Six LDS Writers and A Frog

Wednesday, March 30, 2011

Five Years Ago

Five years . . . wow. Five years ago, my youngest daughter was a toddler. Now she’s a first-grader, missing her two front teeth. My oldest daughter was a freshman in high school. Now she’s finishing up her second year at BYU. The kids have grown, but in an odd twist of reality, I didn’t get any older. Weird, huh? No, those aren’t gray hairs. They’re . . . highlights.

In 2006 when the Frog Blog began, I was just finishing up writing the sequel to my first book, The Believer. In a blog post, I made this comment about manuscript submission:

Up until the point that you submit the manuscript, you’re free to imagine whatever scenarios you want. The publisher will love it! They’ll snatch it up in record time! The first print run will sell out in a day! You’ll have so many fan letters that your e-mail server will crash! Your publisher will call you up, begging you to please, please write another book as quickly as you can because the world needs your unique and unparalleled genius. People will send you chocolates!

But once you submit the book, you’ve applied for a reality check. And so the panic begins.

Turns out that in this case, the panic was warranted. In June 2006, on the day we were leaving to drive to a family reunion in Utah, I found out that the sequel had been rejected--not because my publisher didn’t like it, but because they feared it wouldn’t sell well enough at that time to be a good move for either them or me. Turns out that sequels don’t tend to sell as well as first books in a series, so unless you have really strong sales numbers for the first book, a publisher will be skittish about a sequel. I didn’t know that, nor did I know what constituted strong sales numbers, so the rejection came as a shock (I’m happy to report that now in a letter every author receives, my publisher talks about the particular challenges associated with sequels and advises authors on how to proceed).

This rejection was by far the most painful thing I’d experienced in my writer’s journey. I felt like I’d walked full-speed into a brick wall. The Believer had gotten great reviews. People were waiting for the sequel. And now, I had nothing to offer them. I felt like a failure. All around me, authors were churning out books right and left. All the other Frog Bloggers had new or upcoming releases. And I’d published one book and then fallen flat on my face.

But I didn’t blog about the rejection (sort of a Twilight Zone thing, I guess. I blogged about finishing this manuscript and then submitting this manuscript and then it sort of . . . disappeared). Experienced author friends had cautioned me not to cry about it in public; people who didn’t understand the industry would get the wrong idea and think if my publisher rejected the book, it must not have been good enough. Recognizing this as wise counsel, I was careful about what I said publicly. So why am I not afraid to blog openly about it now? Well, I figure I’ve accumulated enough of a track record that people won’t automatically assume the book was lousy. But five years ago when I blogged about that disappointing day, I referred to the rejection only as an unnamed source of stress as I discussed our vacation:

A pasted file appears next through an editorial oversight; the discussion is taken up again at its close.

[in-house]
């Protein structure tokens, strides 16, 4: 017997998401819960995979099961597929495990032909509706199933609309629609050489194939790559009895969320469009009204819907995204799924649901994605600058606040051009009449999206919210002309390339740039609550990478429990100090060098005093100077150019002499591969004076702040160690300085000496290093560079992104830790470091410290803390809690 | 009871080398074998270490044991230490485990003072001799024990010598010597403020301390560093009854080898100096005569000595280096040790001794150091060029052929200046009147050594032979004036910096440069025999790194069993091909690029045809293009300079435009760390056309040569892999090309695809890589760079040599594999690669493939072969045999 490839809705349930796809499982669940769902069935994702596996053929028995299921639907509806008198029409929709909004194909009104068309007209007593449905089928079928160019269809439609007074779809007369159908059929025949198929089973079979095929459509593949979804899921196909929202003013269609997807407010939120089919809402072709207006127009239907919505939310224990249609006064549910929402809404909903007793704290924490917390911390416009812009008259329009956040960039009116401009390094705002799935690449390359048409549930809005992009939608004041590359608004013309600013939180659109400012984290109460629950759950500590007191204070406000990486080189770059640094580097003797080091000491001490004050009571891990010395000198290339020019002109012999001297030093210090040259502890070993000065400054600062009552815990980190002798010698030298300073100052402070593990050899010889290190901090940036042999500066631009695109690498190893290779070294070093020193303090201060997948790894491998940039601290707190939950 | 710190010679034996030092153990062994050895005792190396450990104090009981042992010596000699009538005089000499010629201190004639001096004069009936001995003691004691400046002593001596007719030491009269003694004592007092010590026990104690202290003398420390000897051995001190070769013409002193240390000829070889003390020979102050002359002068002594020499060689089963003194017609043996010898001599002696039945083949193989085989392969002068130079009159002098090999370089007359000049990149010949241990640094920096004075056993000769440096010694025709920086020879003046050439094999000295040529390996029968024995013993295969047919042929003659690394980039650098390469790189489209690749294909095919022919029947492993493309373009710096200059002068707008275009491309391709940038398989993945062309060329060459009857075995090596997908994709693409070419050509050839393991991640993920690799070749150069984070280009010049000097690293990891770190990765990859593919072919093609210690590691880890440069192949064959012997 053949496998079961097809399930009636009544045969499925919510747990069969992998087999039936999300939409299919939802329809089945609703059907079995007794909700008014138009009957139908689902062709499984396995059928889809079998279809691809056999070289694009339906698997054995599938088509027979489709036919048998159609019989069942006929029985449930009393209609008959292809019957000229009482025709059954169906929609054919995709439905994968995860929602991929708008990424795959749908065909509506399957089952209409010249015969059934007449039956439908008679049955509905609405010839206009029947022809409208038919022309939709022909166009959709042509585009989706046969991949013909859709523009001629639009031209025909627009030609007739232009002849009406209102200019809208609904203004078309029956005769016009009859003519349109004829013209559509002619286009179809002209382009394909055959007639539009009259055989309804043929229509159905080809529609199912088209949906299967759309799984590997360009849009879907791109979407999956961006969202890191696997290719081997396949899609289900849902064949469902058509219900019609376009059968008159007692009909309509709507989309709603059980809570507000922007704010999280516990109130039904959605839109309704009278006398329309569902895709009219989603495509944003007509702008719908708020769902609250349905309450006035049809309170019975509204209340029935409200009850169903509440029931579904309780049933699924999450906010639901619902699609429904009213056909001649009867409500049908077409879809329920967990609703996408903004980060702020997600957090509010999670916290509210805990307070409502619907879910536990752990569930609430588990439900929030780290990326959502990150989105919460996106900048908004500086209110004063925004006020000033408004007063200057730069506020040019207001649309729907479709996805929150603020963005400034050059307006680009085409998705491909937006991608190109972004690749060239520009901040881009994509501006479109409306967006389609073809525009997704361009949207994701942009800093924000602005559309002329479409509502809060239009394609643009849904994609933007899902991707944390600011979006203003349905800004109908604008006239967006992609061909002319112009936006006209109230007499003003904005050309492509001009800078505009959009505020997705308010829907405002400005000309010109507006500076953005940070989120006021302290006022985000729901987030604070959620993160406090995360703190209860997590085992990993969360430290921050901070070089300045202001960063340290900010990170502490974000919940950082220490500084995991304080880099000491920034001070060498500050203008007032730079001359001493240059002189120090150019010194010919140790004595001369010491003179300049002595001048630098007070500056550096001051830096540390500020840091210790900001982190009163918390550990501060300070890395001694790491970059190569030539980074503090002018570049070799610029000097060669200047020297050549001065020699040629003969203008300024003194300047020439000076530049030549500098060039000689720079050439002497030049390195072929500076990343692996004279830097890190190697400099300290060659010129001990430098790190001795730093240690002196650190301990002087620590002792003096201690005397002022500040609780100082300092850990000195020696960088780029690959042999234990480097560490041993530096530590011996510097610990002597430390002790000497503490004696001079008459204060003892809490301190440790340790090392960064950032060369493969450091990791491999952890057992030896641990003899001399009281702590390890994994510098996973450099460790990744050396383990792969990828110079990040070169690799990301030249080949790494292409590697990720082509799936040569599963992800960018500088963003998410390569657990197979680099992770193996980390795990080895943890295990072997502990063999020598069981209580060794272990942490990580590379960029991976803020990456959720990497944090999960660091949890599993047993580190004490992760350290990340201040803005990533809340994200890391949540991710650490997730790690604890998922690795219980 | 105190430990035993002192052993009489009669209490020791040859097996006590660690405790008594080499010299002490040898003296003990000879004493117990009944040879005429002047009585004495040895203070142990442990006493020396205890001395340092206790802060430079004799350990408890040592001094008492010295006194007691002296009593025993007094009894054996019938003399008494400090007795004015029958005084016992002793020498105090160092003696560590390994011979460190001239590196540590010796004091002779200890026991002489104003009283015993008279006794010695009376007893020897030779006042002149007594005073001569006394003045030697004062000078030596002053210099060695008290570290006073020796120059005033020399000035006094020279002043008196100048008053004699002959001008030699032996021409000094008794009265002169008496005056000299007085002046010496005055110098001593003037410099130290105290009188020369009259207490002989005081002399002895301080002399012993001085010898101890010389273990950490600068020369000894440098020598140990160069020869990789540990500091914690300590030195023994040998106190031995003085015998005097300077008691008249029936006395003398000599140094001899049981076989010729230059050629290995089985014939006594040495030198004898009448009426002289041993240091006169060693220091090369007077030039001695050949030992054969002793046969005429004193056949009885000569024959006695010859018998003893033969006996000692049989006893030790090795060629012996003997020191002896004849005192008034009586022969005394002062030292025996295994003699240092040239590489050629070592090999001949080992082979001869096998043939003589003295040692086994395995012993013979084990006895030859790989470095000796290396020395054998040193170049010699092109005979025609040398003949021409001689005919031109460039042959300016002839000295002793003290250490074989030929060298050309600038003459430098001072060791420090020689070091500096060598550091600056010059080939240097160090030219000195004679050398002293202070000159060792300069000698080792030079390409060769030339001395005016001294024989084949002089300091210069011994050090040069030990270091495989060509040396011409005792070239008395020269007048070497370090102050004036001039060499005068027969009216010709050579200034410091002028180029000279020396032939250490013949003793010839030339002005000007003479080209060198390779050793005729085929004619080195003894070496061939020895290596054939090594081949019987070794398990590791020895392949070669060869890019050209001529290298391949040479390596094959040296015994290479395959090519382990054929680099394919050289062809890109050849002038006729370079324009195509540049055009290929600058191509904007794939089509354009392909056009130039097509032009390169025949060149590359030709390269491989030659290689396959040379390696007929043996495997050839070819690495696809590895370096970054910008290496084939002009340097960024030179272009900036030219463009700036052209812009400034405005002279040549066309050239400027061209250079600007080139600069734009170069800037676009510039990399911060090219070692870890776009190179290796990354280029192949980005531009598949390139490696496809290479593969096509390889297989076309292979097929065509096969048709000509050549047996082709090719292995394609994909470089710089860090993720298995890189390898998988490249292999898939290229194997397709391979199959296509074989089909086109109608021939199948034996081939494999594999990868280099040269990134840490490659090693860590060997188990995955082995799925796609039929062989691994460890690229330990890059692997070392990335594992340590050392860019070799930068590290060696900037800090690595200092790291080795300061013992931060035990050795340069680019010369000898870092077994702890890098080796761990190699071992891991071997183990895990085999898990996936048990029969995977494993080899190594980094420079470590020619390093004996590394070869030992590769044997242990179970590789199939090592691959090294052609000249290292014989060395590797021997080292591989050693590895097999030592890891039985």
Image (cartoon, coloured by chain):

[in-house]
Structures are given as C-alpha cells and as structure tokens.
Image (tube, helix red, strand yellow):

Our anticipated drive time to this year’s family reunion was about twelve hours, but we decided to do it the easy way—half and half. We stopped at one in the morning to spend the night, or what was left of it, in Winnemucca, Nevada. (Winnemucca is a truly snappy name for a city). I’m grateful we didn’t decide to attempt the whole trip at once—halfway was more than enough for that night. I’d had a rotten day anyway, the sort of day where you get smacked with stress that turns your brain to mashed parsnips. Thank heavens I’d made the packing list prior to departure day and had already packed a good portion of the clothes, or who knows what we would have ended up with. My kids would have gone to get dressed and found I’d given them only three socks, pajama bottoms and an onion.

It sounds almost cliché to say it, but I gained a lot from that painful experience and what followed. Here are some things I learned: